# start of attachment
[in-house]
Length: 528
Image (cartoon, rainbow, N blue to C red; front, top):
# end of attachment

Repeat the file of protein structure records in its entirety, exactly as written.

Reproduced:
[in-house]
Length: 528
Image (cartoon, rainbow, N blue to C red; front, top):